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Ten horses and ponies found wandrering around a Peterborough housing estate, were rescued after escaping from a field.

The incident was described as "extremely careless and irresponsible" as sadly, it was thought that they had been released deliberately.

Fenland Animal Rescue worked alongside the RSPCA and the police to return the animals back to their paddock.

"I cannot stress enough at how dangerous these situations can be to the public. Under no circumstances should animals be approached whilst roaming free." - Josh Flannigan, Fenland Animal Rescue

"These horses could easily have strayed on to a busy road and been hurt or killed if involved in an accident. This also puts the lives of drivers at risk." - Justin Stubbs, RSPCA Inspector


 

 

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It was obvious to those who saw the disturbing photos of rider Charlotte McPherson on social media at an equestrian event earlier this year, that her horse, Thor, was severely emaciated.

The RSPCA was made aware of these photos of the 10-year-old thoroughbred ex-racehorse, whose racing name was Hoare Abbey and McPherson aged 22, of Park Lane, Kidderminster, appeared at Birmingham Magistrates’ Court yesterday (December 6th) for sentencing.

Charlotte McPherson riding her horse, Thor, at an event where an exercise sheet masked how badly malnourished the animal was.            CREDIT: CATERS

She was charged with two offences - that of causing unnecessary suffering to a horse by failing to investigate and treat the cause of his poor body condition, and failing to take steps to ensure that the needs of the animal were met, by failing to protect him from pain, suffering, injury and disease by riding him when he was not in a fit state to be ridden.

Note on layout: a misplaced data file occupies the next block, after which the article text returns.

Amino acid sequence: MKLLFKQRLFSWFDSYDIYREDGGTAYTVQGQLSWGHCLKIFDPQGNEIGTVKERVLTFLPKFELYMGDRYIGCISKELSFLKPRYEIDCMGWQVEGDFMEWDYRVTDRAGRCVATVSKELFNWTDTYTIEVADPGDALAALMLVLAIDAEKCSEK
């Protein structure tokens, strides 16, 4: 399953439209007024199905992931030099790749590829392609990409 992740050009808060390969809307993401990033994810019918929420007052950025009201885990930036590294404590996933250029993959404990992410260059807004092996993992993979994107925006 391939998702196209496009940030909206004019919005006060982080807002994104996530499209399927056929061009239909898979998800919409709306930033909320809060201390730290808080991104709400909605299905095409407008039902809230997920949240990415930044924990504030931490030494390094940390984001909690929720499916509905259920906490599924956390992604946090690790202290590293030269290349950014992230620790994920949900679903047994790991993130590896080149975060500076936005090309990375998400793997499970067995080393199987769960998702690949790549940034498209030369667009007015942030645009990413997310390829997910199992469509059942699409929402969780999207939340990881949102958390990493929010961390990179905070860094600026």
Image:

Having pleaded guilty to the offences at an earlier hearing in August this year, she was disqualified from keeping horses for 10 years and also given a 12-month community order, ordered her to do 160 hours of unpaid work and told her to pay £300 costs and a £60 victim surcharge.

“Thor looked incredibly thin", said RSPCA Inspector Suzi Smith "and you could see pretty much every bone in his body. It was obvious to anyone who saw him that he was not well. A vet examined Thor and gave him a body condition of zero out of five - he was that thin."

"While in this body condition, McPherson rode him twice a week, including at a fun ride in Bissell Wood, Blakedown, in March this year, where his condition was noticed by people at the event. Not only was he thin, but he had a sore on his spine which was directly underneath the saddle. Thor would have been in a lot of pain while he was being ridden.

A vet examination of Thor showed that the cause of his weight loss was because of inadequate condition and a high worm egg count, as he had not been wormed properly.

Thor, in much better condition today.

Thor, in much better shape today               © RSPCA

“It was a slow progress to get him on the road to recovery as he would not have survived a wormer straightaway due to the condition he was in, but within five months he had put on weight and been properly wormed, where he soon showed that he had a zero worm egg count,” said Inspector Smith. We are so thankful to the Retraining of Racehorses charity who assisted with the veterinary costs in this case, and also to everyone in ‘Team Thor’ who provided the care and attention he needed. Thor has done amazingly well and he has now been rehomed. He is loving his new life and when he trots across a field, you would find it hard to believe what he was like earlier this year.”